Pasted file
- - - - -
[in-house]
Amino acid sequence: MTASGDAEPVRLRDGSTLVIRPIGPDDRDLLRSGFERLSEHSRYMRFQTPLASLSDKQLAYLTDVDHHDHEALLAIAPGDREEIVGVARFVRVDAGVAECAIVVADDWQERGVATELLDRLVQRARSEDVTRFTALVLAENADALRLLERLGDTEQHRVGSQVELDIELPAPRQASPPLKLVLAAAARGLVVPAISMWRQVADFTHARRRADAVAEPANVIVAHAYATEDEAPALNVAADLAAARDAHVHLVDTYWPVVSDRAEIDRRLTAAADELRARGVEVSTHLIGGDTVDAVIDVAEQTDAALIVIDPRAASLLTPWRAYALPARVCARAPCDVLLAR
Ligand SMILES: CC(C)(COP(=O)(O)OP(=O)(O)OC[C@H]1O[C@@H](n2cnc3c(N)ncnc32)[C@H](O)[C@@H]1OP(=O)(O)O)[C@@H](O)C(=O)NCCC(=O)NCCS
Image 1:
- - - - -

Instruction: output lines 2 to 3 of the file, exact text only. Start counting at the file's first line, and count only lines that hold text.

Amino acid sequence: MTASGDAEPVRLRDGSTLVIRPIGPDDRDLLRSGFERLSEHSRYMRFQTPLASLSDKQLAYLTDVDHHDHEALLAIAPGDREEIVGVARFVRVDAGVAECAIVVADDWQERGVATELLDRLVQRARSEDVTRFTALVLAENADALRLLERLGDTEQHRVGSQVELDIELPAPRQASPPLKLVLAAAARGLVVPAISMWRQVADFTHARRRADAVAEPANVIVAHAYATEDEAPALNVAADLAAARDAHVHLVDTYWPVVSDRAEIDRRLTAAADELRARGVEVSTHLIGGDTVDAVIDVAEQTDAALIVIDPRAASLLTPWRAYALPARVCARAPCDVLLAR
Ligand SMILES: CC(C)(COP(=O)(O)OP(=O)(O)OC[C@H]1O[C@@H](n2cnc3c(N)ncnc32)[C@H](O)[C@@H]1OP(=O)(O)O)[C@@H](O)C(=O)NCCC(=O)NCCS